Description of the Siemens-Halske cast iron clad insulator

[Trade Journal]

Publication: The Journal of the Society of Arts and of the Institutions in Union

London, England
vol. 6, p. 350-351

Regarding the electric conductor or line-wire, this is either suspended upon poles in the open air, or it is embedded in gutta percha, and interred or submerged. Suspended line-wires generally consists of galvanized or painted iron, of from one-eighth to one-fifth of an inch in diameter, and supported, at intervals of from 50 to 60 yards, from posts by means of insulators. The construction of a really efficient insulator has for many years occupied the serious attention of electrical engineers, for upon it chiefly depends the permanent efficiency of the line. A great variety of insulators have been tried, some of which I am enabled, by the kindness of the Electric Telegraph Company, to present to the meeting. According to continental experience, the insulator of Siemens and Halske (Fig. 1), has been found to combine the desiderata of strength and insulating property in the highest degree. It consists of a cast iron bracket, assuming the form of an inverted bell, with a cylindrical recess at the bottom. A capsule of porcelain is firmly cemented, by means of sulfur mixed with caput mortuum, into the recess, and into this again a stalk of iron is cemented, which, forming a peculiarly twisted loop at the end, supports and secures the line-wire. The insulating property depends upon the dryness of an apron-like extension of the porcelain capsule, which, under the protection of the cast iron bell, is not affected by either rain or dew. Every tenth support is a stretching-post insulator, at which the line-wire is not only supported but held firmly by means of claws, an arrangement which has been found very convenient during the erection of the line-wire, and in case of repairs. An idea of the importance of a good insulator may be formed from the fact, that the cost of finding and repairing a single defect of the line-wire, in a country like Russia, amounts on the average to ₤80.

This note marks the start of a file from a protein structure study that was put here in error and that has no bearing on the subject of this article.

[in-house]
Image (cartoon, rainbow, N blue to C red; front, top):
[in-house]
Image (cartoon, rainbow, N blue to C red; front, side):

Fig. 1 Insulator



Keywords:Foreign : Siemens
Researcher notes: 
Supplemental information: 
Researcher:Elton Gish
Date completed:October 5, 2008 by: Elton Gish;